Carman Cordwell, 15, from London, said: "Everybody knows each other here, and it's so much like a family.
"I love being able to do what I want. I wouldn't really change anything. If I could change anything, I would want everyone to leave us alone really, and just let us be."
Vita Gortgens, also 15, from Germany, said: "I like going to lessons. It's really open. You can talk to the teachers, and if you want to learn something you just ask.
"When you're not pushed into something you actually want to do it more."
This last point, says Mrs Readhead, is the key to the success of the school's approach to academic work.
"The children here know that their freedom is real. They know that they really are able to make those decisions about their lives, and that is of huge value to them.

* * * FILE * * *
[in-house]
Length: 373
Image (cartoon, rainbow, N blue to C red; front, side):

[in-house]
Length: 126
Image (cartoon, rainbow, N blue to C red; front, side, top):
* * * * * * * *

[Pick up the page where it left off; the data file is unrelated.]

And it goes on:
"Ofsted have never made any steps to judge us against the standards that we would like to be judged against. I know that any school in the country can say that, but Summerhill is different from any other school in the country. It has a very unique philosophy."
David Ramm and his partner Rachel, who live about 15 miles away from the school in Shadingfield, have three children who are day pupils at the school.
They are convinced that Charlie, 12, Beth, 10, and Anna, eight, who previously attended state primary schools, are getting the best education possible.
"They've come here because we believe the philosophy of AS Neill. We believe that children develop best in a free environment and we like the democratic nature of the school," Mr Ramm said.
"Also, important for us, the children are taught in small groups. But the primary reason is the democratic nature of the school.
"We think that they have the opportunity here to make some decisions about what they value in education, what they think is important to them, and they pursue those interests.